Sally Louisa Tompkins was born at Poplar Grove, Mathews County, Virginia on the 9th of November, 1833. Sally was the youngest child of Christopher Tompkins and his second wife Maria Booth Patterson. Christopher Tompkins was born in 1778 in Caroline County, Virginia. He ran away to Norfolk, Virginia as a young teen hoping to be a sea Captain, but starting first as a cabin boy. He managed to work his way up to Captain and spent many years as a merchant on the high seas. He traveled the world many times going to far off places such as the Indies and Mediterranean, and finally the Caribbean. It was his job to oversee the work being done on a new ship in the shipbuilding town of Mathews, when he met his first wife, Elizabeth Cary Smith whom he married in 1806. Their children were Martha Tabb born 1807, Harriet Paulina born 1809, Henry Armistead, born 1811 and Christopher Quarles born 1813. He kept sailing the seas in the first few years of his marriage, and when finally settling in Mathews became a member of the state legislature. Additionally, he was a Colonel in the Virginia Militia,, fighting in the war of 1812. Elizabeth Smith Tompkins died just four weeks after Christopher Quarles birth leaving the elder Christopher a widow with four young children. The grief was compounded in 1814 with the death of three year old Henry. This was the first in a series of family deaths that would not stop until the middle of the Civil War. The next year, 1815, Christopher Tompkins married Maria (pronounced Mariah) Booth Patterson. Maria came from a very wealthy family in Mathews County, Virginia and upon his marriage to Maria the Tompkins family settled into the Patterson family estate called Poplar Grove. Maria was the daughter of local leader John Patterson, a Revolutionary War Veteran and was brought up with the luxuries of southern antebellum society. She was devoutly religious and made a fine mother to all the Tompkins children. Maria bore Christopher four more children: Elizabeth Patterson in 1816, Benjamin Goodloe in 1818, Maria Mason in 1831 and then Sally Louisa in 1833.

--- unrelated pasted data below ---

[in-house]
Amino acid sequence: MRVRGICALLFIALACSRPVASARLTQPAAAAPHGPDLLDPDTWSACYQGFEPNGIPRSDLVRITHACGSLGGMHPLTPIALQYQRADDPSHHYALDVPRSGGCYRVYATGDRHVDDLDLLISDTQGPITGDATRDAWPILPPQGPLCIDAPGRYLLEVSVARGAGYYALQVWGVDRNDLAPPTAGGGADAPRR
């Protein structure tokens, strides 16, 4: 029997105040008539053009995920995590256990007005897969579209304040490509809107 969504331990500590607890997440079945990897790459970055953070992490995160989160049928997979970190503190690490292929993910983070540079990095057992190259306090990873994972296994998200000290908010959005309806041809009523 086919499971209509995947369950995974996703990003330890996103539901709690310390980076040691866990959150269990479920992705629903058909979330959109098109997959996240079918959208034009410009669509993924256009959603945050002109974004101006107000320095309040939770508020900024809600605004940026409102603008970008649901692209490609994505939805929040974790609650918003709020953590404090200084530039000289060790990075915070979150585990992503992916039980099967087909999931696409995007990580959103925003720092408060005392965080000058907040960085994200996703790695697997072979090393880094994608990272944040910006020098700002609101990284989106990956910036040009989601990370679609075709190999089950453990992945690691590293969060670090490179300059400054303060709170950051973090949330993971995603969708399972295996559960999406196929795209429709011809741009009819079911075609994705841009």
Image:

Poplar Grove and John Patterson: